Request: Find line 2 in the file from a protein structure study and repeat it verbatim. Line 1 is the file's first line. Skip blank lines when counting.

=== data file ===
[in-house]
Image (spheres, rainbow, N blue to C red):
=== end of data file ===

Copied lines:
Image (spheres, rainbow, N blue to C red):